Given that humans resist change, especially when the level of change is significant, this progression path allows for small steps as opposed to giant leaps. For example, it is unlikely that a Step I farmer with no PC experience will purchase a PC with herd-management software and use it to manage the herd. It is more likely that such a farmer would begin the record-keeping journey by writing information on paper.
Each step along the path requires expenditures for equipment and tools. Skipping steps will stack expenditures all at once.
The expenditures at the lower steps will likely focus on operational equipment and tools that will be needed to produce the data required at later steps. For example, the Step I farmer likely does not weigh calves or yearlings because he is not keeping up with that data. Knowing that Step IV tools can maintain such information, the farmer can purchase scales at Step II, where IT expenditures are virtually nonexistent, to allow for weighing animals and institute that process on his farm.
Expenditures at the higher steps will shift towards IT equipment and tools. For example, Step III calls for a PC to be purchased while Step IV calls for extra software.
Most of the expenditures and operational processes adopted at a given step will not be lost with migration to the next step. In fact, most of the operational processes adopted in a particular step are actually in preparation for the next step. Similarly, records kept at a given step can be expanded upon in later steps.
When using the Progression Path framework to assist with IT adoption, a migration process is needed to guide the development and execution of the farmer-specific "step migration plan." As intimated above, the basic migration process would be:
- Determine current step using the Progression Path definitions;
- Maximize IT utilization at the current step;
- Learn about available IT and necessary operational change at the next step;
- Develop and institute appropriate operational changes; and
- Purchase, install, and use new IT.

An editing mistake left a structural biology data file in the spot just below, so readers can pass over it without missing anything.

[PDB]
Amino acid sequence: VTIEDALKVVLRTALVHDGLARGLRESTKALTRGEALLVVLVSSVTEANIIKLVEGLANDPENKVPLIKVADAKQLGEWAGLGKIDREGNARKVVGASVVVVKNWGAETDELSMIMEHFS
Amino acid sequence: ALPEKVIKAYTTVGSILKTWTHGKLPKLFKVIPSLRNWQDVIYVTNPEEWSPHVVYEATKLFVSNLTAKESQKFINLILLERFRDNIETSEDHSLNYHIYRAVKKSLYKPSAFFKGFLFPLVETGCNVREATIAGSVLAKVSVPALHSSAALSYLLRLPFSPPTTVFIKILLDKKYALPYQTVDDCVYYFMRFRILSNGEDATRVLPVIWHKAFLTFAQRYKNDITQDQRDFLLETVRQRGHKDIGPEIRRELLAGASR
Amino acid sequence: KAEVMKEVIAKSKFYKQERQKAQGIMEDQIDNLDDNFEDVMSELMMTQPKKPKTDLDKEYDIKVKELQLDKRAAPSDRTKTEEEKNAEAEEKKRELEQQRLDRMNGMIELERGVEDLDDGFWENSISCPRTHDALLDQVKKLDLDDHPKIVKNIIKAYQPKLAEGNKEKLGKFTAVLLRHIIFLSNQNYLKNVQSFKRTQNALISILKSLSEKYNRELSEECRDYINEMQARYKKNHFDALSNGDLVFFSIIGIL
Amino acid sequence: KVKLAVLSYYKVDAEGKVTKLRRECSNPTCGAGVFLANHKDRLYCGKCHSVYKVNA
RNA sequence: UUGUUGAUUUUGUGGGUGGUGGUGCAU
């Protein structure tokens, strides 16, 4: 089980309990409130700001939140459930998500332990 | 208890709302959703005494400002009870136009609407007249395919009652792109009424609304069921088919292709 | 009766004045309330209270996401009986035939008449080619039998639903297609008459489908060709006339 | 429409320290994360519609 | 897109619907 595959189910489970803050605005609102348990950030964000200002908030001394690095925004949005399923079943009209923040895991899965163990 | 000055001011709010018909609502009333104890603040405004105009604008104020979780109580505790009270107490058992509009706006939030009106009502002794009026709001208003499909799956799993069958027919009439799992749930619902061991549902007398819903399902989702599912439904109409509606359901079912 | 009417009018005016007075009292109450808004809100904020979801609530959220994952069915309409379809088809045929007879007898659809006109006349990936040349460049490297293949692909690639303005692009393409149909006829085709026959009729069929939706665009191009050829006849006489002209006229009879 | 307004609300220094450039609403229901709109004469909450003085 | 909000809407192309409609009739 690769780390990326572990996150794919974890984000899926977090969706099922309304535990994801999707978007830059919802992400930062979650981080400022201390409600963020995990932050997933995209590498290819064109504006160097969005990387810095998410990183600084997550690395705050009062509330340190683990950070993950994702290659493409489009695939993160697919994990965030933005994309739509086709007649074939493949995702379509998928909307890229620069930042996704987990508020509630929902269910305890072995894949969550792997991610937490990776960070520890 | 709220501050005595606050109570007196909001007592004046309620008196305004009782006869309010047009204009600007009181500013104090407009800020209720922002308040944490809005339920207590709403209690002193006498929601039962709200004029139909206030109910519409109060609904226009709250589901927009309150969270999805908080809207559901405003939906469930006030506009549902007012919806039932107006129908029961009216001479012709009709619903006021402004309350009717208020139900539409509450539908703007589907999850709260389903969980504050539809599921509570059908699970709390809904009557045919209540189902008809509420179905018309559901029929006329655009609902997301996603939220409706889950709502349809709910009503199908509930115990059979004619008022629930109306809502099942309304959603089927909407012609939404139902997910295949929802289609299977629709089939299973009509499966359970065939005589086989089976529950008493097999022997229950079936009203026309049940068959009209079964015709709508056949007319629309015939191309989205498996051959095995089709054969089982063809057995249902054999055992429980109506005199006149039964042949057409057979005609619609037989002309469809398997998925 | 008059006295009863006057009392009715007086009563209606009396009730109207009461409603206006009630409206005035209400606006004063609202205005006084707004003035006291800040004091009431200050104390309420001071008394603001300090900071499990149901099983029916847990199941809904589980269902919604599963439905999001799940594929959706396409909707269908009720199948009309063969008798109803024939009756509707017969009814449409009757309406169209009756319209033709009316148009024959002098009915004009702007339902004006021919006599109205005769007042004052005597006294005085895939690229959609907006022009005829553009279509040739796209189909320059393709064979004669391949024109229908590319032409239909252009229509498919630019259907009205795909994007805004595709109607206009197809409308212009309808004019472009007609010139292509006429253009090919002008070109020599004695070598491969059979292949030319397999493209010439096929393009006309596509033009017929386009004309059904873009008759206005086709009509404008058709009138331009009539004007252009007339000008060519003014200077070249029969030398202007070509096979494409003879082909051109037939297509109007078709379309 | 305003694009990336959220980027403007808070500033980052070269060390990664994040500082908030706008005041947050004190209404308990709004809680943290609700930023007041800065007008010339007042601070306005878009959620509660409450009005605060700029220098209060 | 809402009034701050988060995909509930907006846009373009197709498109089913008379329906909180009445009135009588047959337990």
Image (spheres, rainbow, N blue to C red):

During the migration process, time spent in a given step should be long enough to ensure that both operational processes and IT tools are used consistently and effectively. It is suggested that a farmer stay in each step for at least 2 years. This allows a year for adoption of the current step's technology and operations, followed by a year of planning to take the next step. That means that at least a 5-year commitment is needed to move from Step I to Step IV.
Implications for Extension
Extension professionals can use this Progression Path in at least two ways, as an evaluation tool and in program development.
Individual agents can use an understanding of this framework when working with a farmer to quickly assess the step on the path that best represents his/her IT utilization and associated operational processes. The agent can then counsel the producer on preparing to move to the next step in the path. The agent can also target producers for the appropriate level of step-based training or educational sessions.
The aforementioned training or educational programs can be developed based on the framework. These programs would seek to increase both IT adoption and retention. Alternatively, the framework could be used as supplemental information in existing programs that deal with operational processes and technologies.
It should be noted that, while this research was focused specifically on beef cattle operations, the stepping-stones of the "Path" represent a framework that could easily be applied to other agricultural operations, including crop production operations. Obviously, the details could vary greatly between particular operations' migration paths in terms of software tools and supporting operational process but the framework would still apply.
Blezinger, S. (2001). Many tools are available to help build a quality herd. Cattle Today Online [On-line]. May 2001. Available at: http://cattletoday.com/archive/2001/May/CT147.shtml
Findlay, H. J., Zabawa, R., Morris, C. E., & Oben, M. (1993). Computer awareness among limited-resource farmers. Journal of Extension [On-line]. 31(1). Available at: http://www.joe.org/joe/1993spring/a8.html
Gelb, E., Schiefer, G., Parker, C., & Rosskopf, K. (2000). Why is the IT adoption rate by farmers so slow? 1999 EFITA Conference. Retrieved at: http://www.efita.dk/papers/ep4/EfitaPaper-4.asp
Schmidt, D., Rockwell, S. K., Bitney, L., & Sarno, E. A. (1994). Farmers adopt microcomputers in the 1980s: Educational needs surface for the 1990s. Journal of Extension [On-line]. 32(1). Available at: http://www.joe.org/joe/1994june/a9.html